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La Carabane, c'est parti!

I’ve been spending time with a 5-year-old and a 3-year-old. They have become accustomed to me working on the 3d model of the caravan. ‘Sam, elle fait sa carabane!’. I asked them what they would like if they had one. ‘A bed, and a shelf for my books, and a cupboard for my puzzles. And a swingset’. Everyone has their own ideal for what makes a home! It has been a good exercise for me to imagine what is my own minimum necessary equipment for living. Maybe not a swingset, but here is my list. This is what shaped my design.

  1.  Windows. I dream of having a big double door that I can throw open when it’s nice out. Over the bed, I want a skylight so I can hear the rain and see the stars.
  2.  Bed. Yes, this is necessary. Unlike most tiny houses, I don’t want to put the bed in a sleeping loft that is used only for sleeping.
  3.  Table. This is the only piece of mobile furniture in the caravan. It is a multifunctional surface: dining table, desk, kitchen island.
  4.  Bench. A fold-out bench is used as a sofa, a seat for dining, and a guest bed.
  5.  Toilet. I am putting in a composting toilet. Some people are skeptical- will it smell? Will it be a pain to empty? I don’t know, but I know it’s about time we stopped flushing drinking water down the drain. I am going to ventilate the toilet itself with a fan that goes outside, so hopefully that will keep the smells away. I thought long and hard about deciding to have a ‘bathroom’ or not. I liked the idea of having a real bathroom sink and being able to hide the toilet, but in the end two things changed my mind: I found a second-hand stainless-steel countertop that had two kitchen sinks, and partitioning the bathroom made the small space seem awkward and chopped-up. Instead, I’ve decided to use a heavy curtain to privatize the toilet area when necessary. The toilet is hidden in a wooden structure that resembles the bench.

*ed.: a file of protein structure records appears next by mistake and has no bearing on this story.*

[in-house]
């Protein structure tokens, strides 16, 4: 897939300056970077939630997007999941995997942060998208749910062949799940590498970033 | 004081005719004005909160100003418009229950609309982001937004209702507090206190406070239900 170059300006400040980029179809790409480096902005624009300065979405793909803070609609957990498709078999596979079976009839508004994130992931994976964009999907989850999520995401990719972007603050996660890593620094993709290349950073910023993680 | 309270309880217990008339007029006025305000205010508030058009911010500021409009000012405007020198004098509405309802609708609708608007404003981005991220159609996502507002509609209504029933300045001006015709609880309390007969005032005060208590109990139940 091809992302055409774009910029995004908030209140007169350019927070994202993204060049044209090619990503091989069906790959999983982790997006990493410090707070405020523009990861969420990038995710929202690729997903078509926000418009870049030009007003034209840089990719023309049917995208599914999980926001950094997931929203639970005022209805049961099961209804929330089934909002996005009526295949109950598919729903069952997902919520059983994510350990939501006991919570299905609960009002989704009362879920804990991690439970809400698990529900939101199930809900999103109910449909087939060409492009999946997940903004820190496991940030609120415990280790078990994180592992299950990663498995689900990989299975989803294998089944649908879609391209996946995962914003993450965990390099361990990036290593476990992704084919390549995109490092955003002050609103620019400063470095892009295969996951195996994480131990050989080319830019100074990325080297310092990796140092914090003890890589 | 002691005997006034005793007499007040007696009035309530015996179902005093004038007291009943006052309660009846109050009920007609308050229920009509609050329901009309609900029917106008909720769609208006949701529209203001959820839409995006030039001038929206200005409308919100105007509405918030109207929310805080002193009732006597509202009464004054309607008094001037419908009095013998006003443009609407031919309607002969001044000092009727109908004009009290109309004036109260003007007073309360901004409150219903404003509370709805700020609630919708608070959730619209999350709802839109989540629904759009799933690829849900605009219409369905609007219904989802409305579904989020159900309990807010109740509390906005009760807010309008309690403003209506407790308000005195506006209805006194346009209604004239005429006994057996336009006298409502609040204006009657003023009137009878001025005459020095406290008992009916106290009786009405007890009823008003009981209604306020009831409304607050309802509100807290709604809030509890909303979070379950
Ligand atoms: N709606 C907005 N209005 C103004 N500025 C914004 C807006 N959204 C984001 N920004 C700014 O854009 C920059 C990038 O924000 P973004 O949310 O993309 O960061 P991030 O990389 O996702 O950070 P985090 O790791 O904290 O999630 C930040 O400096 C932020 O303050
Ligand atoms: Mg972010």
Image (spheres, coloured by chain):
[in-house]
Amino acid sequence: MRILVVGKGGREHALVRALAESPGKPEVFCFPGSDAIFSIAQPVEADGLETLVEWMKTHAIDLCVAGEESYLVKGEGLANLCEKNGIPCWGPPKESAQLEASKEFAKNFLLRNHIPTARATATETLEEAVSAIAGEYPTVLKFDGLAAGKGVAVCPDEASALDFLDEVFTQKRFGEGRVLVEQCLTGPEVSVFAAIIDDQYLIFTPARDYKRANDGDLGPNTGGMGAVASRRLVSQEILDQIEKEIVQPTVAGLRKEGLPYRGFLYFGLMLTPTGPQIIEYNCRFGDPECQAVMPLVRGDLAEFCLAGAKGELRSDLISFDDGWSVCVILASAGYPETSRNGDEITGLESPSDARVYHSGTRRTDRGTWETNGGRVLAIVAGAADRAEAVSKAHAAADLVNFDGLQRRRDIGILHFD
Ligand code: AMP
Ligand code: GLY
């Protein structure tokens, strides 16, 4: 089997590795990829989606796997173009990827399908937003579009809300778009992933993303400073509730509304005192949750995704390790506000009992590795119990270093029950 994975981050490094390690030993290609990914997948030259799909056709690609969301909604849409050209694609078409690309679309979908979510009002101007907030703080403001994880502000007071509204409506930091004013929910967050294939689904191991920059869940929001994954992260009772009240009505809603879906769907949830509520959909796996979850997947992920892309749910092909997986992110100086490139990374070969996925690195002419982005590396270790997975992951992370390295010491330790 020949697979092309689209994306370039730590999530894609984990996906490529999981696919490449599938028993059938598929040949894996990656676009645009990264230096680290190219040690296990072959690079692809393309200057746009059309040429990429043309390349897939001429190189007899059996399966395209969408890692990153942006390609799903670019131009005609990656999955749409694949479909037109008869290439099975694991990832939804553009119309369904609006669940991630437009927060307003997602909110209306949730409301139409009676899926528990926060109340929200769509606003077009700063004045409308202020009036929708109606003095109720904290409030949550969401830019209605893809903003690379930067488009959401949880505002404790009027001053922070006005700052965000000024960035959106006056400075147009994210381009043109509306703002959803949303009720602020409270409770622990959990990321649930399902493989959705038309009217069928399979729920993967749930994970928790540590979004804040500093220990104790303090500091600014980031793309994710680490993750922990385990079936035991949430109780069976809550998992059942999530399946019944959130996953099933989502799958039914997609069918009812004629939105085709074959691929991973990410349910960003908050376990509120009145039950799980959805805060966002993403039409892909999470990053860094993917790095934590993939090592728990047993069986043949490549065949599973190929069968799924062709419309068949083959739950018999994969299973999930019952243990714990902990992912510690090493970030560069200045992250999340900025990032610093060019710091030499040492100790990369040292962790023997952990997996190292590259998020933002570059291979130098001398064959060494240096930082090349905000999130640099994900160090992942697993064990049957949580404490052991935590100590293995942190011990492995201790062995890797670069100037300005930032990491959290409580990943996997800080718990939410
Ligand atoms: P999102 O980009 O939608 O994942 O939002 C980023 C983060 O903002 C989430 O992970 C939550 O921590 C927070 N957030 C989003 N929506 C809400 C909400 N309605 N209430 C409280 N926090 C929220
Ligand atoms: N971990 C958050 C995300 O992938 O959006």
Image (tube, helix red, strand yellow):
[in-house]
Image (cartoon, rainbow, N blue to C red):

6. Kitchen. I’ve been using a two-burner stove and under-counter fridge for the past five years, so a small kitchen doesn’t scare me. The one luxury I am allowing myself is a gas oven as well as a gas stove. I do use the oven quite a lot, whether it’s to roast vegetables or bake cookies. 
  7. Storage. Under the bed and the bench there is empty space to store my things. Beside the door I need a place to put shoes and hang jackets. Behind the kitchen there is a cupboard that will be used as the ‘mechanical’ space, the place where I put the water tanks, circuit breaker, battery, etc.
After deciding on my wants and needs for the interior, I thought about what kind of package to put it in. I knew I wanted a wood structure, because I want to work with wood. I wanted something that was as efficient as possible, but I also wanted room to stand comfortably inside the caravan. I chose this rounded, pitched roof for multiple reasons:
  • Sloped roofs shed water easily
  • When I imagined my ideal sleeping space, I thought of a pitched roof with a skylight overhead
  • The curves along the axis of travel make the form more aerodynamic
For the roof, I am going to use corrugated aluminum panels that are light and durable. The two side walls will be sheathed in wood, which I’m hoping to find second hand. For the interior I initially wanted to look for second-hand boards, but I became convinced by an all-plywood interior to unify the small space.

So here goes- I'm investing my savings, my time, my heart and my hands in this project. It feels like a risk but it also feels right, like it is something I am meant to do.